Does it ever feel like the available jobs require languages you don’t speak?

Just after becoming a dive instructor I struggled to find my first employment.

Speaking German was one of the main reasons I got my first gig for a large dive shop in Cairns, Australia.

After working in Australia I applied for a job in Indonesia. The position was 70% marketing manager and 30% Cruise Director on a liveaboard.

It was a requirement to speak German and English to start. I agreed to learn the local language to be able to communicate with the local crew.

However, without an absolute impressive CV I would have never got that job I was dreaming of because the competition was tough.

On top of that I did not have any personal connections in this area.

Close-up of the definition of the word “focus” in a French dictionary
Photo by Romain Vignes from Unsplash

I can tell you the following best practices shown here work like a charm.

Read how you can get started in three steps.

1. Focus on language content that is relevant to you

In our case, this a definitely everything that is scuba diving related.

I use self-made flip cards. Take a small piece of paper and write the word of the new language on the front side.

Write the word of your mother tongue on the back side of the paper.

I hang these papers on the boat, in the dive shop etc.. Optimally to a place that is related to the word. Means if I learn the word compressor I stick the flip card to the compressor.

Also, just hang waterproof tags to your dive equipment. New word on one side and mother tongue on the other.

wet_suit_language_card
Photo by Andreas Ott

There are really tough words you simply would not remember even after days. In this case, use your own drawing.

Take a new flip card. Draw a short story or an image of that particular word.

Story drawing works miracles.

2. Choose a relevant language

The demand for particular languages varies on where you want to work.

The nations with the desire to dive and the disposable money to spend on scuba diving are France, Germany and Spain.

This is how it seems to me after looking at thousands of job offers. Russian is also on the raise.

No matter where you live you very likely find some German or French speaking people around you to practice with. Spanish could be a bit more tricky but in times of Internet, it can not be hard to find someone.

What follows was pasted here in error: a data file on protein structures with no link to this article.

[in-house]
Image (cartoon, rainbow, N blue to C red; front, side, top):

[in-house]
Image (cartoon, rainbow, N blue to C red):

Japanese and Chinese are definitely sought after in scuba diving. From my perspective just a totally different level of difficulty.

If you are a couple you can cover quite a range of languages together which makes you even more employable.

3. Fit your training into your daily routine

Learn small amounts very often to keep it simple.

A good start is 3x per day for ten minutes.


Photo by Bethany Laird from Unsplash

Bath in the language you want to learn.

  • watch videos of dive courses in the new language!
  • listen to the radio in the target language
  • watch movies with subtitles
  • watch youtube videos in the target language
  • watch the news and observe the mouth of the speaker
  • change your computer and phone settings to the new language

osx_language_pref-1
Screenshot by Andreas Ott

Don’t try to understand every little word.

Focus on getting the meaning of a sentence first before the individual words. When you first understand the message you will unconsciously acquire the language.



Takeaway

As I wrote in the opening, languages did help me to land amazing jobs. Especially in Southeast Asia and Australia.

The more languages you speak the more likely it is you land your next dream dive job.

Also, it is easier to make an extra buck in your dive jobs.


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Originally published on Scubacareer.net.